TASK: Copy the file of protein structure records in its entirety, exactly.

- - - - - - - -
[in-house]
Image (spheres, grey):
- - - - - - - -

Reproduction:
[in-house]
Image (spheres, grey):